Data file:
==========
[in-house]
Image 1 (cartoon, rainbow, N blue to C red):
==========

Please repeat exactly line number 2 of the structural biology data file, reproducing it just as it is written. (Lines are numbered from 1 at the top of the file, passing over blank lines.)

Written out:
Image 1 (cartoon, rainbow, N blue to C red):